Time Reversed Cells

Discussion in 'Chemistry' started by DRZion, Oct 7, 2009.

  1. DRZion Theoretical Experimentalist Valued Senior Member

    Messages:
    1,046
    Going backwards in time, would we expect mutations to erase or accumulate.

    Going backwards in time is not like making a film of a cell going forwards and then watching it play backwards, at least from my knowledge. The only difference would be that entropy would decrease rather than increase.

    I put this under chemistry because entropy and energetics is much more like chemistry than biology.

    Could cells even operate, ie function, when entropy was reversed?
     
  2. Google AdSense Guest Advertisement



    to hide all adverts.
  3. DRZion Theoretical Experimentalist Valued Senior Member

    Messages:
    1,046
    Right after polymerization, a new DNA double helix is hemimethylated. This is when proofreading takes place. Going backwards in time the dam methylase wouldn't be able to distinguish which strand was unmethylated, and if there was a mistake on the new Double Helix then it would have a 50% chance of being incorporated into the old double helix. So for every mutation that takes place it would have a 50% chance of being incorporated into old DNA. ... . furthermore, since the dam methylase acts to methylate unmethylated strands it might just de-methylate both strands if that is energetically favorable; although i would guess a hemimethylated Double Helix has lower entropy than a non-methylated Double Helix and so would be preferable when entropy is going in reverse.
     
  4. Google AdSense Guest Advertisement



    to hide all adverts.
  5. Nasor Valued Senior Member

    Messages:
    6,221
    I will ignore the issue of what the effects of time-travel would be like on entropy etc.

    But if you suddenly reversed the entropy changes of all the cell's chemical reactions, many of them would not longer work properly - they would go at different rates, or even reverse. The entropy change in a reaction is a big part of determining the reaction's change in Gibbs free energy, which determines the equilibrium of a reaction. So, yeah...tinker too much with the entropy change of your cell's reactions, and you probably just die right away.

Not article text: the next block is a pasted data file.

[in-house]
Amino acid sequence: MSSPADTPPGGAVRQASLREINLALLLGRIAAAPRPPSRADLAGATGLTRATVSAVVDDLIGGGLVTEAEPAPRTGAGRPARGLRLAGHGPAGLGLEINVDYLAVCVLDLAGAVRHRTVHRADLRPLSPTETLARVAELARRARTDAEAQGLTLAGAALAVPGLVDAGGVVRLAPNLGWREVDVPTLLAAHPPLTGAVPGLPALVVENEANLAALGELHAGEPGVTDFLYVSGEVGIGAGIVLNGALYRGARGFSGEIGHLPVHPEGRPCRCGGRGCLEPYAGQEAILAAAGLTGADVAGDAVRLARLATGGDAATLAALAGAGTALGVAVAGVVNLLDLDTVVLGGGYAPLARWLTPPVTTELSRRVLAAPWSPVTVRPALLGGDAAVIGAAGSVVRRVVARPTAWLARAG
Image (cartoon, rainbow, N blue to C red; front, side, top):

6. Google AdSense Guest Advertisement



    to hide all adverts.
  7. DRZion Theoretical Experimentalist Valued Senior Member

    Messages:
    1,046
    Yes, this is exactly the issue- could cells survive if entropy was decreasing rather than increasing. I'm not sure if time travel would necessarily do this, but it would seem so to me.

    Astronauts don't die when time speed up in orbit. So, time dilation in itself might not affect Gibbs free energy. However, if order was the more favorable configuration than disorder, chemistry would be different. Wouldn't all reactions go backwards? Would a person start projecting photons from the photoreceptors in their eyes?
     
  8. Nasor Valued Senior Member

    Messages:
    6,221
    Some would go backwards, others would have their equilibrium shifted even further in the direction they already go. If you have a reaction that decreases entropy and is spontaneous, then changing the laws of physics so that decreased entropy was favorable would make it even more spontaneous.

    The magnitude of the entropy change's effect on the chemical equilibrium will depend on temperature too, so you have to take that into account; at low temperatures the entropy change matters less.
     

Share This Page